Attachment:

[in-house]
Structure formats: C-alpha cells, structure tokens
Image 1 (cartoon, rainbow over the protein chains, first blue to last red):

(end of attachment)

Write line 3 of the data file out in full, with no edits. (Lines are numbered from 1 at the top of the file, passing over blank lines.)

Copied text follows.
Image 1 (cartoon, rainbow over the protein chains, first blue to last red):